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Youth in Sub-Saharan Africa Are Out-of-School



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KEY FINDINGS

Around 89 million youth, ages 12-24 years, are out of school in Sub-Saharan Africa.  In the next decade, an estimated 40 million more youth will drop out and face an uncertain future without adequate work and life skills.

Characteristics of out of school youth

  • Most out-of-school youth drop out before secondary school and many never set foot in a school.
  • The prospect of an early marriage is a key barrier to young females’ education. It affects girls’ schooling even before they get married.
  • Young people living in rural areas are more likely to be excluded from education than youth living in urban communities, and most of them work.
  • Parental education is the single most important determinant of youth’s education outcomes.
  • The number of working adults in a household has an important impact on schooling choices and school/work decisions.  
  • Low educational quality affects the decision of going to and/or staying in school.
  • Access is a key problem for poor and rural communities, where distance to a school can be a major constraint.

Entry points to address the out-of-school youth problem

Three policy entry points are particularly important to address the out of school issue:

Retention of at-risk youth in school:  Given that most youth drop out before they start secondary school, retention efforts must begin before youth enter secondary education.

  • Retention could be improved through greater early intervention to get children enrolled at the right age and a renewed focus on improving the quality of primary education.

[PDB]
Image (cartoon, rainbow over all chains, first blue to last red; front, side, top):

• A greater awareness for the importance of education, especially for girls and rural youth, is also essential. To retain students who are interested in learning but cannot afford it, cash incentives or subsidies can be an important tool in keeping children in school.

Remediation through alternative education:  For youth already out of school, the most likely path to complete their education is alternative education systems.

  • Small-scale alternative education schemes that target out-of-school youth are especially successful when they mix cognitive and technical skills development with life skills training and mentoring.
  • Successful alternative programs also require a greater recognition that youth must work to survive and therefore factor in the necessary flexibility to accommodate this.
  •  Reliable and longer-term funding is critical to keep these programs going.

Integration with the labor market: Youth who are not likely to go back to school require practical training and experience to increase their employability.

  • Workforce development programs must consider, in terms of skills and services offered, that most youth will be self-employed or work for a small, informal enterprise.
  • They require coordinated action between government actors, regional entities, NGOs and the productive sector.
  • More and better impact evaluations and longevity of effective workforce development programs will help improve their outcomes. 

Last Updated: Jul 15, 2015